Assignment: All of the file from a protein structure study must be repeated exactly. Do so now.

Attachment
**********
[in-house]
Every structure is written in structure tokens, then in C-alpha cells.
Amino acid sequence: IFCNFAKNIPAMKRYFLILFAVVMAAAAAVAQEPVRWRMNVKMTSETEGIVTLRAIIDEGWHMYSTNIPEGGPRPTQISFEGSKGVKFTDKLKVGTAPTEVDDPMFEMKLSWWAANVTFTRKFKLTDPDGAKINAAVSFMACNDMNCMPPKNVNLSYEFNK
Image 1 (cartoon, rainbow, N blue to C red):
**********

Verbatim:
[in-house]
Every structure is written in structure tokens, then in C-alpha cells.
Amino acid sequence: IFCNFAKNIPAMKRYFLILFAVVMAAAAAVAQEPVRWRMNVKMTSETEGIVTLRAIIDEGWHMYSTNIPEGGPRPTQISFEGSKGVKFTDKLKVGTAPTEVDDPMFEMKLSWWAANVTFTRKFKLTDPDGAKINAAVSFMACNDMNCMPPKNVNLSYEFNK
Image 1 (cartoon, rainbow, N blue to C red):